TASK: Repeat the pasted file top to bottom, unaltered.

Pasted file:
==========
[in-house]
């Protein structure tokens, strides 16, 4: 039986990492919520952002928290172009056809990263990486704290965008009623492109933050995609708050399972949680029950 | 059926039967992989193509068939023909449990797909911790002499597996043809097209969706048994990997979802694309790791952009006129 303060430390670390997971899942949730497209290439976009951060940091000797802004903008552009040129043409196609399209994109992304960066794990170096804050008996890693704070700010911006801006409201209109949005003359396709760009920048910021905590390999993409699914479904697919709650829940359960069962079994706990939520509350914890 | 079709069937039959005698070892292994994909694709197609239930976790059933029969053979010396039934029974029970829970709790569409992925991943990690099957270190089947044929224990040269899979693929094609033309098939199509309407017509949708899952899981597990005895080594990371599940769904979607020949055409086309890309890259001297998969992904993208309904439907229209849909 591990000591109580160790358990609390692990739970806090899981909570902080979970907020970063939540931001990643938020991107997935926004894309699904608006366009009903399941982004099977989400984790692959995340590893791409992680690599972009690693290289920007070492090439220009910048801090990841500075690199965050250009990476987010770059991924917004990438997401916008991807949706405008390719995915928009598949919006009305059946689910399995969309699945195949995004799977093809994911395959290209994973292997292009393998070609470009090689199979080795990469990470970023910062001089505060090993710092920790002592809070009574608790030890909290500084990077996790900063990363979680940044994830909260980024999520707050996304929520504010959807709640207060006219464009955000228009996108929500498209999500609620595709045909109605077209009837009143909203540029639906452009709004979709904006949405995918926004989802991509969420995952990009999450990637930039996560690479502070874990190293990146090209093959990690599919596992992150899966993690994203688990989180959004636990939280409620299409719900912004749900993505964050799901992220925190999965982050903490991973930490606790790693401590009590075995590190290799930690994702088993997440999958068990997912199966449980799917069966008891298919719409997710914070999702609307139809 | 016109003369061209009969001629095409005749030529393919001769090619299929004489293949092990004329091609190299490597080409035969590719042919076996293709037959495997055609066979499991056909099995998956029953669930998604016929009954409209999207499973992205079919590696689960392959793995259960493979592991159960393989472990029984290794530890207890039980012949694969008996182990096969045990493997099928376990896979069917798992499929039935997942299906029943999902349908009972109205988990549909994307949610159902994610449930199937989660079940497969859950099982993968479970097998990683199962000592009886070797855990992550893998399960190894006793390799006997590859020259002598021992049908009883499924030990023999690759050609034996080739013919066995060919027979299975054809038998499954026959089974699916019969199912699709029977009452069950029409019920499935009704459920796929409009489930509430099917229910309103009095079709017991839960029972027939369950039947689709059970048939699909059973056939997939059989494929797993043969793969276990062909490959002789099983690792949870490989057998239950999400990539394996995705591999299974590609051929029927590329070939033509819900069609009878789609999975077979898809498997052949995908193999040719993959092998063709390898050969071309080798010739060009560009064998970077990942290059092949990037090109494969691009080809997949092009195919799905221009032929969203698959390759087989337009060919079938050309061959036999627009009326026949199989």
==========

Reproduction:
[in-house]
């Protein structure tokens, strides 16, 4: 039986990492919520952002928290172009056809990263990486704290965008009623492109933050995609708050399972949680029950 | 059926039967992989193509068939023909449990797909911790002499597996043809097209969706048994990997979802694309790791952009006129 303060430390670390997971899942949730497209290439976009951060940091000797802004903008552009040129043409196609399209994109992304960066794990170096804050008996890693704070700010911006801006409201209109949005003359396709760009920048910021905590390999993409699914479904697919709650829940359960069962079994706990939520509350914890 | 079709069937039959005698070892292994994909694709197609239930976790059933029969053979010396039934029974029970829970709790569409992925991943990690099957270190089947044929224990040269899979693929094609033309098939199509309407017509949708899952899981597990005895080594990371599940769904979607020949055409086309890309890259001297998969992904993208309904439907229209849909 591990000591109580160790358990609390692990739970806090899981909570902080979970907020970063939540931001990643938020991107997935926004894309699904608006366009009903399941982004099977989400984790692959995340590893791409992680690599972009690693290289920007070492090439220009910048801090990841500075690199965050250009990476987010770059991924917004990438997401916008991807949706405008390719995915928009598949919006009305059946689910399995969309699945195949995004799977093809994911395959290209994973292997292009393998070609470009090689199979080795990469990470970023910062001089505060090993710092920790002592809070009574608790030890909290500084990077996790900063990363979680940044994830909260980024999520707050996304929520504010959807709640207060006219464009955000228009996108929500498209999500609620595709045909109605077209009837009143909203540029639906452009709004979709904006949405995918926004989802991509969420995952990009999450990637930039996560690479502070874990190293990146090209093959990690599919596992992150899966993690994203688990989180959004636990939280409620299409719900912004749900993505964050799901992220925190999965982050903490991973930490606790790693401590009590075995590190290799930690994702088993997440999958068990997912199966449980799917069966008891298919719409997710914070999702609307139809 | 016109003369061209009969001629095409005749030529393919001769090619299929004489293949092990004329091609190299490597080409035969590719042919076996293709037959495997055609066979499991056909099995998956029953669930998604016929009954409209999207499973992205079919590696689960392959793995259960493979592991159960393989472990029984290794530890207890039980012949694969008996182990096969045990493997099928376990896979069917798992499929039935997942299906029943999902349908009972109205988990549909994307949610159902994610449930199937989660079940497969859950099982993968479970097998990683199962000592009886070797855990992550893998399960190894006793390799006997590859020259002598021992049908009883499924030990023999690759050609034996080739013919066995060919027979299975054809038998499954026959089974699916019969199912699709029977009452069950029409019920499935009704459920796929409009489930509430099917229910309103009095079709017991839960029972027939369950039947689709059970048939699909059973056939997939059989494929797993043969793969276990062909490959002789099983690792949870490989057998239950999400990539394996995705591999299974590609051929029927590329070939033509819900069609009878789609999975077979898809498997052949995908193999040719993959092998063709390898050969071309080798010739060009560009064998970077990942290059092949990037090109494969691009080809997949092009195919799905221009032929969203698959390759087989337009060919079938050309061959036999627009009326026949199989």